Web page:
2013-04-28 18:25:40 by Andrea Joliet, Assistant Director, Interactive Marketing & PR, as posted on the inside.akronchildrens.org blog.
Volunteers are to Akron Children’s what violinists are to an orchestra. We couldn't perform without them.
And I couldn’t let National Volunteer Week pass without writing about the dedicated corps of individuals who tirelessly give their time to our institution and patients.
More than 1,500 strong, our volunteers donated more than 112,000 hours of service last year at our Akron and Beeghly campuses. Our volunteers provide a range of support – from sitting with patients while families are away, staffing the information desks, assisting with patient discharges, to providing creative outlets for our patients, raising money for the hospital’s services and programs, and much more.
This week, photographer Lew Stamp captured volunteers Donna and Paul Swain, of Fairlawn, painting colorful spring images on the bridge between our Locust building and the main hospital. Together, the Swains have donated 4,018 hours of their time on art projects around the hospital.
Donna is the artist of the pair. (Paul takes care of the art cart and paints the grass or snow.) She started volunteering her creative talents at Akron Children's in 1978, when a fellow artist at the Cuyahoga Valley Art Center asked her to help.
When volunteer training specialist, Ken Rudisell, asked Donna what has kept her volunteering these past 33 years, she told him: "It's the children's responses and seeing their reaction to the art."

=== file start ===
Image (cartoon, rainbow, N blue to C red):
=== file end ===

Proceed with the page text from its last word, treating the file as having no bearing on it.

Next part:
Donna also spoke about how rewarding it is to spend a few moments with each parent and child who walk across the bridge while she's creating the mural.
When Donna and Paul are asked, "Do you paint for the kids?" they always respond: "Oh yes, we paint for all the kids - clear up until 90 years old - little kids and big kids."
Donna revealed that her most memorable project dates back to 1988-1989 during the hospital's Centennial Construction.
She painted life-sized teddy bears on the giant construction fence, including bright and cheerful doctor bears, nurse bears and even an OSHA (Occupational Safety and Health Administration) bear. While her bridge murals take two weeks to complete, this bear of a project took more than 30 days.
(8 a.m.-4:30 p.m.)
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